Getting ready for The Big One
Dave Jones got call last week from a New Westminster day care wanting to know if the city’s emergency management manager could arrange for a presentation on what to do in case a natural disaster.
Considering what happened a couple of days later he may be busy fulfilling similar requests.
A 7.7 magnitude earthquake off British Columbia’s west coast underneath Haida Gwaii struck just after 8 p.m. Saturday.
The quake has many in Metro Vancouver wondering when ‘The Big One’ is going to strike.
The last biggie was off Vancouver Island on Jan. 26, 1700 with an estimated magnitude of 8.7 to 9.2. Jones said quakes that strong are supposed to happen every 500 years.
“Luck has got certain things to do with it. You never know,” said Jones of the area’s odds of being struck soon. “All the response agencies [at all levels] are always in that forward leaning posture with all the supporting agencies behind them.”
Jones said in recent years there have been many events that have focused the importance on being prepared for the province and municipalities like New Westminster.
“After the Olympics, emergency planning has certainly done a lot more,” he said.
Last year’s quake in Japan and the one in 2004 that caused huge tsunamis in Thailand also raised the awareness.
There’s been a great deal of training, public education and comprehensive planning both internally and with other governing bodies.
But will it be enough? That question won’t be answered until disaster hits.
“With the big earthquake all bets are off whether you’re prepared enough or not,” said Jones. “The city is in a really good situation [but] I can’t predict how things will unfold.”
So much depends on where and when.
If the epicentre is in the Juan de Fuca fault where the 1700 Cascadia quake hit, then this area could be in deep do-do. However, if it’s way below the surface, like Saturday’s quake which had a high magnitude but with no major damage, it might not be as bad as feared.
Jones noted New Zealand had a 7.1 magnitude earthquake on Sept. 4, 2010 that occurred when most people were in bed.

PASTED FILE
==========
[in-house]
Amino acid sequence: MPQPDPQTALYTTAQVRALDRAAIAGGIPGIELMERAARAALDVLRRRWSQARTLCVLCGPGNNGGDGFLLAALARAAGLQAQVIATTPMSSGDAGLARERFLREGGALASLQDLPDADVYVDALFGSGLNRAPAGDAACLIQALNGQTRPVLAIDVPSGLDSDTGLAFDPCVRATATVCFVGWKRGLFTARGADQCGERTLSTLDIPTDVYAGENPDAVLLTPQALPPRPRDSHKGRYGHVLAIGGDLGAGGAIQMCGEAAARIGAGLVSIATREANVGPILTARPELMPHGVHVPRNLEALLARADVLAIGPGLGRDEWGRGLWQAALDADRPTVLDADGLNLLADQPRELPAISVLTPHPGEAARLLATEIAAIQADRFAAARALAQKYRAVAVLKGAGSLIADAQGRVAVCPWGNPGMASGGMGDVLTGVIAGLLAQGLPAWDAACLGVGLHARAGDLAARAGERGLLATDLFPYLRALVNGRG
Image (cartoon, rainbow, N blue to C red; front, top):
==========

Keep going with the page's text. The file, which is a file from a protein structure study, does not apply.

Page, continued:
There was damage to the region but no one died.
Six months later, a quake not as strong, 6.3, but shallower hit the area during the lunch hour killing 185. More than half of them died in one office building that collapsed and caught on fire. He said an earthquake at night also means there’s less panic because families are together and frantic attempts at communication are reduced.
He pointed out, however, the fear factor is increased these days because society has become so dependent on instant communication and electrical power.
“We rely on a lot of things in this day and age,” said Jones. “The landscape has changed in good ways and bad ways.”
The good ways include building codes being completely changed and more people who are better trained to handle emergencies.
New Westminster is Greater Vancouver’s oldest community, which may make many of its structures vulnerable, although it’s hard to tell.
“There’s some buildings that are obviously that are of a different composition,” said Jones. “Depending on the type of earthquake, I can’t predict how it’s going to unfold of course, but certain buildings have better characteristics to withstand an earthquake than others.”
In the last decade, the provincial government began a program to seismically upgrade schools. While 143 projects have been completed or are underway, New Westminster has yet to be included. A Ministry of Education website cites only New Westminster secondary and John Robson elementary as having plans to be upgraded only because they are scheduled to be replaced.
Jones said the city is more than willing to do public presentations on preparedness. The city’s website, www.newwestcity.ca, not only allows anybody to sign up for one, but also provides a great deal of information as well as provincial and federal government links that deal with many different kinds of emergencies.